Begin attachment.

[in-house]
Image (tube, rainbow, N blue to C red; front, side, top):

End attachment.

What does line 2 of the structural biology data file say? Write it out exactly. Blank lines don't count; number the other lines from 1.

Image (tube, rainbow, N blue to C red; front, side, top):